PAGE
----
So, the weather in Portland has been pretty snowy which is a touch unusual! As most folks have been inside and not out attempting to drive on icy and snowy roads which are not plowed I decided I’d take my HT for a walk in the cold weather and test methods of keeping it warm enough to not have the battery fail as the temperature is dropping to ~18F with wind chill. My partner and I have been walking to the grocery store and taking our dog out so I decided to test an external antenna I’d built to mount on my backpack a year ago in the gnarly weather. I did some tests with APRS and some 5w FM phone as well. The theory here is that keeping the HT inside the fairly sealed bag would preserve some amount of air that’s warmer than the bag’s surroundings. It seemed to work as I was out with this setup for a few hours at a time and battery performance was within expectations.
In order to not go stir crazy I’ve been taking walks with my partner and we’re close enough to a grocery store to just walk and pack our food in our bags which is very fortunate. I’ve taken the opportunity to test different ways of carrying the HT so it doesn’t get too cold, and to test a MOLLE antenna holder with a simple antenna and counterpoise setup. During the grocery store run pictured below I was able to reach stations in SE and NE Portland with a strong signal. I was between 2 and 9 S units into a station in Battelground, WA as well depending on structures around me. The antenna I’m using in this picture is a Nagoya NA-771. I used that instead of my Signal Stick because the signal stick doesn’t stay rigid in cold temperatures and will curve and lay over giving poorer performance. The speaker mic was used as both a speaker that I could hear outside the bag and as a sacrificial component in the event something gets too wet. A $30 speaker mic is much cheaper than a new HT. I did test the SWR on this setup and 2m performed very well near 1.2, but 70cm performance was poor with the SWR being near 2.8.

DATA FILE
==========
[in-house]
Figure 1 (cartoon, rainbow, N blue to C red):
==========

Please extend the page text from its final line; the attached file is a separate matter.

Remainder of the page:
The small bit of orange paracord is used to secure the speaker mic for cable routing purposes. When the mic comes un-clipped intentionally or on accident this cord makes it easier to grab and replace or remove and use. The longer orange paracord holds the weight of the HT in side the bag so the antenna cable and speaker mic don’t hold it up. It’s also necessary to hold it up in the bag to make sure there’s enough speaker mic cable to reach outside the bag and to my shoulder.
The HT holder inside the bag is suspended by the longer bit of paracord that runs through a loop on the HT holder. This suspension system also makes it easy to load the bottom of the bag with heavier items that might otherwise crush the HT or damage connectors.
The above gallery shows the antenna assembly set up but not mounted to the webbing on the backpack.